New international research has found a worrying change in the Indian Ocean’s surface temperatures that puts south-east Australia on course for increasingly hot and dry weather conditions.
The work led by the Australian National University (ANU) and the ARC Centre of Excellence for Climate Extremes has a silver lining, helping to improve our understanding of climate variations and the management of risk caused by Indian Ocean variability.
Lead researcher Professor Nerilie Abram said the phenomenon her team studied, known as the Indian Ocean Dipole (IOD), was a big player in the severe drought and record hot temperatures last year.
The new research published in Nature reveals that these historically rare events have become much more frequent and intense during the 20th Century, and this situation is expected to worsen if greenhouse gas emissions continue to rise.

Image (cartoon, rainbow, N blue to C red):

According to Bureau of Meteorology climatologist Dr Andrew Watkins, a very strong positive IOD and a near-record negative Southern Annular Mode resulted in both the warmest and driest December weather on record.
“In January we saw those two drivers return to neutral levels, plus a very late arrival of the northern monsoon which finally brought tropical moisture to the continent,” Dr Watkins said.
“As we often see once the monsoon arrives in the north, some of that tropical moisture was dragged south, leading to some of the good recent rainfall over the country’s east.”
The outlook for autumn weather shows both daytime and overnight temperatures are likely to be above average for most of the country.
In terms of rainfall, Dr Watkins said many areas were showing no strong push towards wetter or drier than average conditions in the coming months. However, parts of southern and south-eastern Australia are showing a slightly increased chance of above average rainfall in the coming three months, particularly in March.
The ACT has already benefited from some welcome rain with five days recording falls this month, as at Monday 9 March.